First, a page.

- Code ASIA2065
- Unit Value 6 units
- Offered by Sch of International Political & Strategic Studies
- ANU College ANU College of Asia and the Pacific
- Course subject Asian Studies
- Areas of interest Political Sciences
- Academic career UGRD
- Dr Nicholas Cheesman
- Mode of delivery In Person
Second Semester 2014
See Future Offerings
Why compare political institutions and practices? Often, people assume that political problems they encounter are comprehensible only to other people facing the same problems. Rarely is this the case. Most political phenomena replicate themselves from country to country, although distinctive local characteristics may obscure their commonalities. By comparing complex phenomena systematically, we can improve our understanding of political dynamics, and better appreciate why political concepts matter. In this introductory course on comparative politics, we will unpack a set of conceptual tools with which to do that. We begin with some terminology and typologies relevant to four elementary categories of inquiry: state formation, regime type, identity politics, and political economy. Then, guided by expert lecturers from the ANU College of Asia and the Pacific, we try out these categories on six important countries: Japan, China, India, Indonesia, Thailand and Papua New Guinea. In each case, we sharpen our analysis through careful attention to specific features, while keeping sight of larger questions about the state-society nexus; democratic versus authoritarian forms of government; gender relations; and the politics of ethnic, religious, regional and sexual minorities, and majority-minority cleavages. At the end of the course, we will have a set of concepts that we can take away and use for rudimentary analysis of politics in any country around the world, and some practice in using them. Simultaneously, we will have deepened our knowledge of what is going on in the Asia-Pacific in the Asian century, and why it matters to think about the region comparatively.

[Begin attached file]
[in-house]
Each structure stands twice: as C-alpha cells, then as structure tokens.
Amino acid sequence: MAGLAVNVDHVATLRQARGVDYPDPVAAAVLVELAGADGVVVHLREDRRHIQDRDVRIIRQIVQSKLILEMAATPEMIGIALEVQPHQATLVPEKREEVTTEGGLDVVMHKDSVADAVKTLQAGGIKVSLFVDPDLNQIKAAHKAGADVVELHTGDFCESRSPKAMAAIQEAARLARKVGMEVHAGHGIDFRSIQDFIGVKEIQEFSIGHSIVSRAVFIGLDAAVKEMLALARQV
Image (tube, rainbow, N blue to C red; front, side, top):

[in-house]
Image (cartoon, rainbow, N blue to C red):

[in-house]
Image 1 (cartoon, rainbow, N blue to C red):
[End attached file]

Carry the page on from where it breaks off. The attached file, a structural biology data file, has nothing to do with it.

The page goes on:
Upon successful completion, students will have the knowledge and skills to:
On satisfying the requirements of this course, students should be able to:
1. Possess a broad picture of contemporary political dynamics in six major Asian and Pacific nations.
2. Possess knowledge of conceptual foundations for analysing core issues of comparative politics. This will include understanding definitions of key concepts including state, regime, nation, and democracy and analysing different patterns of state-society relations, varieties of authoritarianism, the nature of ethnic cleavages and relationships between states and markets.
3. Apply these concepts in analysing political phenomena within and betweeen states.
4. Understand the foundations and implications of comparative method in political science research.
5. Express themselves clearly in verbal and written formats.
Indicative AssessmentClass activities (10%)
Group project and presentation (10%)
Opinion-editorial - 800 words (15%)
Essay plan - 500 words (10%)
Research essay - 2,500 words (35%)
Oral exam (20%)
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3 contact hours and 6 hours private study per week.
Requisite and Incompatibility
All reading materials will be made available online prior to commencement of the course.
Tuition fees are for the academic year indicated at the top of the page.
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- Student Contribution Band:
- Unit value:
- 6 units
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Offerings, Dates and Class Summary Links
Class summaries, if available, can be accessed by clicking on the View link for the relevant class number.
|Class number||Class start date||Last day to enrol||Census date||Class end date||Mode Of Delivery||Class Summary|
|8917||21 Jul 2014||01 Aug 2014||31 Aug 2014||30 Oct 2014||In Person||N/A|